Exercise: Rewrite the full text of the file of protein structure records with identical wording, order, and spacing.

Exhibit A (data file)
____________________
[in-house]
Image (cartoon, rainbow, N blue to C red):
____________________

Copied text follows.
[in-house]
Image (cartoon, rainbow, N blue to C red):